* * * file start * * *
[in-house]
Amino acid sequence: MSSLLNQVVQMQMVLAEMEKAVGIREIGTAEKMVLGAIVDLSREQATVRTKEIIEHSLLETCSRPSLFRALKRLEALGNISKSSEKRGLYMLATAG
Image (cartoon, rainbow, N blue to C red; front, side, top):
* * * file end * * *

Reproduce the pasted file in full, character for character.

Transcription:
[in-house]
Amino acid sequence: MSSLLNQVVQMQMVLAEMEKAVGIREIGTAEKMVLGAIVDLSREQATVRTKEIIEHSLLETCSRPSLFRALKRLEALGNISKSSEKRGLYMLATAG
Image (cartoon, rainbow, N blue to C red; front, side, top):